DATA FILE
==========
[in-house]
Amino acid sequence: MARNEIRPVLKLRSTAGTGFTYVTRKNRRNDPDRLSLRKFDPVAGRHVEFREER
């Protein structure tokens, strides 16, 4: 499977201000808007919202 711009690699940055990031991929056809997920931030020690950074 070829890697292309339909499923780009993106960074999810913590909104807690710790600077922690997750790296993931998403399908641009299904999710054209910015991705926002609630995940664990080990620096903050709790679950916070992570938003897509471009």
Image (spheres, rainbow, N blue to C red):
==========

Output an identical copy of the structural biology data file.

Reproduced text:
[in-house]
Amino acid sequence: MARNEIRPVLKLRSTAGTGFTYVTRKNRRNDPDRLSLRKFDPVAGRHVEFREER
């Protein structure tokens, strides 16, 4: 499977201000808007919202 711009690699940055990031991929056809997920931030020690950074 070829890697292309339909499923780009993106960074999810913590909104807690710790600077922690997750790296993931998403399908641009299904999710054209910015991705926002609630995940664990080990620096903050709790679950916070992570938003897509471009």
Image (spheres, rainbow, N blue to C red):